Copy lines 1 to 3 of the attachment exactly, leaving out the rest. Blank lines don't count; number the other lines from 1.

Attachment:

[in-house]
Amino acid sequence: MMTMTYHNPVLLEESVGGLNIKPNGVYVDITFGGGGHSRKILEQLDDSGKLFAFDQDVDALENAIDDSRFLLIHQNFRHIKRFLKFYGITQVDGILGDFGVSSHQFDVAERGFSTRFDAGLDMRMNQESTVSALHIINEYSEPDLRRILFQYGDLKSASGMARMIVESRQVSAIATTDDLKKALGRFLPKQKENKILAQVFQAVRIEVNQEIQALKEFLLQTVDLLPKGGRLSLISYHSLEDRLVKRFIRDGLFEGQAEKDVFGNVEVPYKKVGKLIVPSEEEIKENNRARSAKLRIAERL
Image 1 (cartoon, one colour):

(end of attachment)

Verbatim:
[in-house]
Amino acid sequence: MMTMTYHNPVLLEESVGGLNIKPNGVYVDITFGGGGHSRKILEQLDDSGKLFAFDQDVDALENAIDDSRFLLIHQNFRHIKRFLKFYGITQVDGILGDFGVSSHQFDVAERGFSTRFDAGLDMRMNQESTVSALHIINEYSEPDLRRILFQYGDLKSASGMARMIVESRQVSAIATTDDLKKALGRFLPKQKENKILAQVFQAVRIEVNQEIQALKEFLLQTVDLLPKGGRLSLISYHSLEDRLVKRFIRDGLFEGQAEKDVFGNVEVPYKKVGKLIVPSEEEIKENNRARSAKLRIAERL
Image 1 (cartoon, one colour):